Water, as we all know, is the most precious of all goods, a source of life which is not inexhaustible; therefore it should be economically used and fairly shared. The fact that it is part of life itself makes it an “excellent” opportunity for accumulation of wealth, especially under urban circumstances or in uncontrolled industrial activity situations. Societies have always opposed private water management on the basis that it is a right and not a commodity. But in the era of “crisis”, both the imposed “state of exception” and the increasing suppression of people and social rights overlook the opposition at the interest of a few businessmen. This is an especially intensive process in memorandum Greece.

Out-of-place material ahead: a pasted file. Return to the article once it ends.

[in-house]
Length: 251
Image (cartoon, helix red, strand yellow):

Although crisis in Greece has driven thousands of households to desperation and impoverishment, both local and international businessmen find there an excellent opportunity to boost their already fat enough bank accounts. Business plans that have been lurking for years are now presented as a necessity “in order to exit the economic crisis”! In fact, the crisis is used as an alibi for a series of actions and unconstitutional practices which otherwise couldn’t be performed. This is true for water too: Greek governments prepare to lay it down to multinational enterprises’ control, although the international experience urges them to do the opposite. This doesn’t come as a surprise: all over the world, wherever the IMF “saved” a country by offering loans, it demanded massive privatizations in return.

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